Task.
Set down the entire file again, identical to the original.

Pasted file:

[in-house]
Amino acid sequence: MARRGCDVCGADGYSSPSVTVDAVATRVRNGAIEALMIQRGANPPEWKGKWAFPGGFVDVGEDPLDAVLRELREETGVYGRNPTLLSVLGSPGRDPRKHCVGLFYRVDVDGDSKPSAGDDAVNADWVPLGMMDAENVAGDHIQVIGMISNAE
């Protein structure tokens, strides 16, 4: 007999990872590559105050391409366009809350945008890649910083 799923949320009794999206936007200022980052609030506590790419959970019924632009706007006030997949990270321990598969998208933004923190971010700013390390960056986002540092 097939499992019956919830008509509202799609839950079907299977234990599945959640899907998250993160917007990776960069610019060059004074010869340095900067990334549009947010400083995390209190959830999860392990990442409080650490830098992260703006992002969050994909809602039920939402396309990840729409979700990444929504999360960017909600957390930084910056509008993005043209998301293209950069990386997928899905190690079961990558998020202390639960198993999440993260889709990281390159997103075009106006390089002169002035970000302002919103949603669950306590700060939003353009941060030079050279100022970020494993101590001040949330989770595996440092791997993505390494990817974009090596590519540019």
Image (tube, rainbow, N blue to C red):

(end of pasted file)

[in-house]
Amino acid sequence: MARRGCDVCGADGYSSPSVTVDAVATRVRNGAIEALMIQRGANPPEWKGKWAFPGGFVDVGEDPLDAVLRELREETGVYGRNPTLLSVLGSPGRDPRKHCVGLFYRVDVDGDSKPSAGDDAVNADWVPLGMMDAENVAGDHIQVIGMISNAE
């Protein structure tokens, strides 16, 4: 007999990872590559105050391409366009809350945008890649910083 799923949320009794999206936007200022980052609030506590790419959970019924632009706007006030997949990270321990598969998208933004923190971010700013390390960056986002540092 097939499992019956919830008509509202799609839950079907299977234990599945959640899907998250993160917007990776960069610019060059004074010869340095900067990334549009947010400083995390209190959830999860392990990442409080650490830098992260703006992002969050994909809602039920939402396309990840729409979700990444929504999360960017909600957390930084910056509008993005043209998301293209950069990386997928899905190690079961990558998020202390639960198993999440993260889709990281390159997103075009106006390089002169002035970000302002919103949603669950306590700060939003353009941060030079050279100022970020494993101590001040949330989770595996440092791997993505390494990817974009090596590519540019």
Image (tube, rainbow, N blue to C red):